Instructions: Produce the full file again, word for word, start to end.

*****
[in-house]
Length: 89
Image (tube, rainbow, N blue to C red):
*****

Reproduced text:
[in-house]
Length: 89
Image (tube, rainbow, N blue to C red):